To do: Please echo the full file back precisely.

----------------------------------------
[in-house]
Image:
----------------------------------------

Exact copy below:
[in-house]
Image: